In a biography posted online by on the University of Maryland Archives, William J. Murtagh is called “one of the world’s leading historic preservationists” who “played a pivotal role in the establishment and evolution of the field of historic preservation for more than fifty years.” If you ask Plymouth Harbor resident Bill Murtagh, he says simply he was in the right place at the right time.
Obviously, the International Commission on Monuments and Sites takes his contributions more seriously. At their 18th General Assembly in Florence, Italy this past November, Bill Murtagh was honored by his international colleagues as a tribute to his significant contributions to their mission of conservation, protection, and enhancement of monuments, building complexes and sites.
Born in Philadelphia surrounded by historic buildings, it’s hard to imagine young Bill not being influenced by them, but that was not initially a career motivation. He studied architecture at the University of Pennsylvania where the study of modernism and the Bauhaus movement predominated.
It was a summer job that he took with Charles Peterson, an administrator with the National Parks Service, which began to turn him in a new direction. During the Depression, Peterson had created a program called the Historic American Building Survey which provided jobs for unemployed architects. Bill’s first job was working on efforts that soon resulted in the Independence National Historic Park.
Bills work and studies were interrupted by a year-long convalescence after he sustained serious injuries in a car accident. With an undergraduate degree in architecture and enough time at a drafting table to know he didn’t want to spend a lifetime chained to it, he turned his attention to art. Continuing his studies of the next decade he completed an M.A. in Art History, and a Ph.D. in architectural history.
He also took a year to study in Bonn and Freiburg thanks to one of the first rounds of Fulbright Scholarships in 1954. His year in Europe gave him many opportunities to marvel and study the history constructed around him.
Looking at his resume, it is clear that each job he took propelled him further into the heart of the blossoming historic preservation movement. His first job at the National Historic Trust came when it consisted of only a staff of five and just 200 members. Bill was instrumental in elevating the profile of the National Trust and helping shape the National Historic Preservation Act of 1966. By 1967, Bill was the first keeper of the National Register of Historic Places.
“The buck stopped with me,” says Bill explaining that he demanded that every application had to prove the historical and cultural significance of the structure under review.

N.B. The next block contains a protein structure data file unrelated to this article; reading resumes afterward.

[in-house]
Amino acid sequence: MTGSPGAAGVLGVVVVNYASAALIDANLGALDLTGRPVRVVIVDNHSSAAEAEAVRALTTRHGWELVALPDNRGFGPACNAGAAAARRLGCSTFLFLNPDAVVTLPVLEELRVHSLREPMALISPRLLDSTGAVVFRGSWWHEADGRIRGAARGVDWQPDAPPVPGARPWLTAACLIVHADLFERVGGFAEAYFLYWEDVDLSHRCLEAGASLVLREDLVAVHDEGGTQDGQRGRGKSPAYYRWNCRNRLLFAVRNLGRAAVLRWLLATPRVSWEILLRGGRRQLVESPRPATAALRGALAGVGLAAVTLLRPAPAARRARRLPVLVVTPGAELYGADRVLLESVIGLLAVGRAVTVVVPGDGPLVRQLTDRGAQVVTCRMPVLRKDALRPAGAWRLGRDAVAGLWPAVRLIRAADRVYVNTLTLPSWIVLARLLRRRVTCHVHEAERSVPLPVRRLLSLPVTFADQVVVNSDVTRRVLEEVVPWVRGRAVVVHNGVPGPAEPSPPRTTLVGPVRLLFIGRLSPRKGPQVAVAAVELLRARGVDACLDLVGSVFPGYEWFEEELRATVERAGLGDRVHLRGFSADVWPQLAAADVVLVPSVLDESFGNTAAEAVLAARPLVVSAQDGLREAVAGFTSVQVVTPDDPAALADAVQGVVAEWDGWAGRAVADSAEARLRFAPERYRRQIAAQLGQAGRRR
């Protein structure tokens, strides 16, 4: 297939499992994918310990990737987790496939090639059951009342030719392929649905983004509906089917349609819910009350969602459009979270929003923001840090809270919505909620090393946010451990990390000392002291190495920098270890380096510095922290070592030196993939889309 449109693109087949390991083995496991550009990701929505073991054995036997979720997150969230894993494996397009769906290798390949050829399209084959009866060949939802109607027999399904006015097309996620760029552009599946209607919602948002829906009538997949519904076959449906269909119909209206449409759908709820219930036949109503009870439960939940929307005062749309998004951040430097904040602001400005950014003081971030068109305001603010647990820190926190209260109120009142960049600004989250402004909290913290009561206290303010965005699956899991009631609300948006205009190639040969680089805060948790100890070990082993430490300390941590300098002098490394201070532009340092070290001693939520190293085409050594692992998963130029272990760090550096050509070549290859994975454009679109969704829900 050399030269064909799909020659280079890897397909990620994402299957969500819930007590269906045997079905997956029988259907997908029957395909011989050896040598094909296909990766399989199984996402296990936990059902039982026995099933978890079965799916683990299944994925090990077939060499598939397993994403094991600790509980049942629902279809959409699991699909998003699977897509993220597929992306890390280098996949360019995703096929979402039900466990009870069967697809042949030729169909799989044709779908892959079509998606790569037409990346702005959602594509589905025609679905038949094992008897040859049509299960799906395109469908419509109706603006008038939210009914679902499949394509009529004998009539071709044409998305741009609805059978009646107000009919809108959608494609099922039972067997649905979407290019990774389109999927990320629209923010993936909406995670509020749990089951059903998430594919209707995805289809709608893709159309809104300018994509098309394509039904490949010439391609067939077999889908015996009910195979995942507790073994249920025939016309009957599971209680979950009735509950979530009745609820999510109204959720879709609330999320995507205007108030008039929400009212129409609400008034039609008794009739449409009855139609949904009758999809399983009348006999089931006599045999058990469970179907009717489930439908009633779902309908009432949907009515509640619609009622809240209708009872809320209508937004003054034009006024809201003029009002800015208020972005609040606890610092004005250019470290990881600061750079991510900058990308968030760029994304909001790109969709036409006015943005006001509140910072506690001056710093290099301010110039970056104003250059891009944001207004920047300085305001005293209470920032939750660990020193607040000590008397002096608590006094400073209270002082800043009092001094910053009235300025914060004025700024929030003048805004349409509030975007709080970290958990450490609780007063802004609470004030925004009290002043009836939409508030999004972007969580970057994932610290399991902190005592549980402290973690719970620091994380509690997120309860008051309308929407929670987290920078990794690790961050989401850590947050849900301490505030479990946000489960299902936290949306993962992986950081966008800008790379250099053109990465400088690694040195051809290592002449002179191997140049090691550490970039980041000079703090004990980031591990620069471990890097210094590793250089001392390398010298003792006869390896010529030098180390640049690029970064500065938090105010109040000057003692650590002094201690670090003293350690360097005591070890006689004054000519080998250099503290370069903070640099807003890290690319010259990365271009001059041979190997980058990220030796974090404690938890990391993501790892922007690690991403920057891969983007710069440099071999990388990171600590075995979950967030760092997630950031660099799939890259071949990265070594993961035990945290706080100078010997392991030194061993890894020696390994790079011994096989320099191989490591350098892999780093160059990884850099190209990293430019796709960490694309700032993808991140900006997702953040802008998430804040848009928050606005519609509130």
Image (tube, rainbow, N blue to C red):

Throughout his career and particularly after he left the National Register, Bill was a educator and writer. He was the Director of the Historic Preservation Program at Columbia University, taught at University of Florida, University of Maryland, and the University of Hawaii. Upon his retirement he wrote Keeping Time, a universally admired comprehensive examination of the development of the historic preservation movement.
“Oh, I have met some marvelous people along the way,” Bill says with a smile. His stories are sprinkled with names like Adenauer, Dupont, and Goodrich, and tales of mansions with full staffs of valets, footmen, and butlers (all the rage now in these Downton Abbey days.)
How on earth did Bill Murtagh land in Plymouth Harbor? In fact it had something to do with B.F. Goodrich’s granddaughter, an attorney, and a lecture. The attorney for the Goodrich family had retired to Plymouth Harbor and invited Bill to stop here for a lecture on his way to Cuba. The invitation, and its acceptance, came two or three years running and Bill came to enjoy the company of many residents, the lovely surroundings, and the food. In an aside Bill adds that in those days, over eleven years ago, the food was not as spectacular as it is today!
For many years he has spent his summers in beautiful Penobscot, Maine and enjoys the spectacular winters in Sarasota. Never ceasing to educate and lecture on the topics he loves so much, Bill is generous with his time and seemingly unceasing energy. If you missed his recent lecture about Glenbeigh Castle in Ireland, just ask him. You’ll love the stories.